X   X  

eBay Inc.

  X   X    

Samsung Telecommunications America LLC

  X    

Electronic Arts Inc.

  X   X    

SanDisk Corporation

  X   X   X

EMC Corporation

  X      

Sharp Microelectronics of the Americas

      X

Fairchild Semiconductor International, Inc.

      X  

Sony Computer Entertainment America Inc.

  X    

Gateway, Inc.

  X      

Spansion Inc.

      X

Google Inc.

  X      

STMicroelectronics N.V.

  X     X

Infineon Technologies AG

    X   X  

Sun Microsystems, Inc.

  X   X  

Intel Corporation

  X     X  

Symantec Corporation

  X    

International Rectifier Corporation

      X  

Synopsys, Inc.

  X    

Intuit Inc.

  X   X    

Texas Instruments Incorporated

  X   X   X

Juniper Networks, Inc.

  X   X    

Xilinx, Inc.

  X   X   X

KLA-Tencor Corporation

  X   X    

Yahoo! Inc.

  X    

LM Ericsson Telephone Company

  X            

Key to Table :

EE: Companies listed as employee peers are the companies in various industries with which we feel we compete for executives and employees.

EX: Companies listed as executive peers are the companies of similar size, complexity and with comparable revenue.

SC: Companies listed as semiconductor peers are all the companies in the semiconductor industry from the Radford Executive Survey.

 

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In order to analyze the survey data, each executive officer’s position is matched to a job code in the Radford Executive Survey. Our Human Resources Department then provides the CEO and the Compensation Committee with the average for each of the peer groups for the 50 th percentile and for the 75 th percentile for the three major components of our compensation program. These percentiles are not used as the standard for setting compensation, rather they are used to provide the Compensation Committee with data points for purposes of comparison in evaluating whether the proposed compensation levels for our executive officers are reasonably likely to help us achieve our compensation program objectives.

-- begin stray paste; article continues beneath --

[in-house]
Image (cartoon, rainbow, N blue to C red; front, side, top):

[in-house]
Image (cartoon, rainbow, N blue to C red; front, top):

Use of Tally Sheets

When making annual decisions about an executive officer’s compensation, the Compensation Committee reviews the executive officer’s total compensation as set forth in a tally sheet that includes:

 

   

Current and past base salary;

 

   

Target variable compensation in previous years;

 

   

Amount of shares granted to each executive officer in the prior four fiscal years; and

 

   

Data about the rewards offered to executives in similar positions at comparable companies.

The tally sheets help the Compensation Committee analyze the executive officer’s short- and long-term compensation at NVIDIA and compare total compensation packages offered by our peer companies. The Compensation Committee is committed to reviewing tally sheets annually.

Elements of Our Compensation Program

Base Salary

Purpose. Base salaries are set at levels we believe are sufficient to recruit and retain executive officers. However, we believe biasing an executive officer’s compensation toward variable compensation programs and long-term equity compensation creates a strong link between that executive’s pay and performance. Therefore, while the Compensation Committee does not rely on a weighting system between fixed and variable compensation, our executive officers’ base salaries ranged from approximately 15% to 20% of their total target compensation in fiscal 2009, other than for our CEO. Base salaries are reviewed annually and adjusted as the Compensation Committee deems necessary and appropriate to meet our compensation and business goals.

Factors Considered When Establishing Base Salary. When setting base salaries, the Compensation Committee considers an executive officer’s responsibilities (including the scope of their position and complexity of the department or function they manage), experience, the base salaries for other members of NVIDIA’s executive staff, and the market data of salaries at peer companies. While reviewing potential changes in base salary, the Compensation Committee also considers the operating expense impact and budgets for executive officer salary adjustments.